School-leavers take their pick as unis make offers they can refuse

Universities have flooded Victorian school-leavers with 23 per cent more offers this year, with extra places in health, engineering and IT following a near half a billion dollar federal push to boost student numbers in those fields.

Almost 17,000 second round university offers were made to Victoria’s fresh secondary school graduates on Friday, bringing the total number for this year to some 64,000.

Roger Huang has already been offered a place studying science at Monash, but is hoping to study a double degree.Credit:Joe Armao

There has been a 6 per cent rise in the number of students who have received an offer compared with last year, with many receiving multiple pitches from universities.

More than 58,000 students have applied through the Victorian Tertiary Admissions Centre (VTAC) this year.

And with universities now clamouring to attract them, many school-leavers are in the box seat to choose where they will spend their time – and money – over the coming years.

VTAC chief executive Teresa Tjia said more than nine in 10 applicants had received at least one offer so far.

“VTAC’s preference system allows prospective students to maximise their chance of finding the right course by applying for many study options in one place,” Tjia said.

Doncaster East Secondary College graduate Roger Huang received an offer to study a bachelor of science at Monash University in the first round in December, but is hoping to get a second round offer on Friday for a double degree in computer science and science.

“Because it’s no risk and I’m young and having nothing to lose, I thought I’d give it a shot,” he said.

The Albanese government committed $485 million in last year’s budget to support 20,000 extra Commonwealth-supported university places in 2023 and 2024 in education, nursing, health, IT and engineering courses.

It followed an overhaul of university fees by the former Morrison government, which raised fees in fields including arts, law and commerce, but cut them in others such as education, nursing and engineering.

The Albanese government is reviewing those fee changes, which have been criticised for lumbering future, low-earning graduates with higher debt.

In Victoria, the fields of study with the largest number of offers for next year were information technology (up 35 per cent on 2021-22), engineering (up 29.7 per cent) and health (up 24 per cent).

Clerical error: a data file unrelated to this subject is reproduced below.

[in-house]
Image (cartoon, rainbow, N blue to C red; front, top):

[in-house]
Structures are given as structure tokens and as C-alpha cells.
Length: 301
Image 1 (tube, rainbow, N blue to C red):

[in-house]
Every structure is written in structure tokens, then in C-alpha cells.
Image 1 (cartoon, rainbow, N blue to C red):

VTAC data shows that health accounted for 21 per cent of all offers made, more than any other field of study in the state. The Andrews government has pledged to cover the cost of study for more than 10,000 nursing and midwifery students to meet overwhelming demand in the state’s stretched health system.

The next most offered fields were society and culture (19.5 per cent) and the sciences (14.7 per cent).

Places within many university courses are set by the Australian Tertiary Admission Rank, or ATAR, a ranking between 99.95 and 00.00, with the most competitive courses commanding the highest minimum ATAR.

But universities also offer VCE students alternative ways to enrol, such as early entry schemes.

Professor Sandra Milligan, director of the Assessment Research Centre at the University of Melbourne’s Graduate School of Education, said parents and school-leavers still placed heavy emphasis on the ATAR.

She said it was a source of stress for many students, even though its dominance as the way into university was diminishing.

“The ATAR is definitely decaying in terms of its significance and a whole pile of alternative pathways are springing up,” Milligan said.

“It’s a bit unclear how people do get into university on the basis of the ATAR only, but it seems likely that less than 50 per cent of them are getting there that way.”

Point Cook Secondary College graduate Jessica Sleeman said she was hoping to get into a bachelor of arts at Melbourne University in the second round offers on Friday, after choosing not to accept her first round offer of a bachelor of business and professional practice at RMIT.

“I’m still a bit uncertain about what I want to do,” she said.

“I could have a more holistic first year and decide afterwards, it might make a better use of my ATAR.”

The 18-year-old, who has an ATAR of 93.6 also applied for law at Monash University, law and criminology at Swinburne University and criminology and psychology at RMIT.

Point Cook Secondary College graduate Jessica Sleeman hopes to study arts at the University of Melbourne this year.

She said it was tough waiting to find out if she will be accepted.

“It’s stressful not knowing if they have places left.”

Huang, a mathematics fanatic with an ATAR above 95, said he was leaning towards a career in computing and information technology, but also liked the broad appeal of science.

“I’m a bit nervous actually … but at the same time, being nervous doesn’t change too much,” he said. “I still want to find myself and what my interests are.”

Most university offers were issued in late December, days after students received their school results. There are four offer rounds still to come.

The Morning Edition newsletter is our guide to the day’s most important and interesting stories, analysis and insights. Sign up here.

Most Viewed in National

From our partners

Source: Read Full Article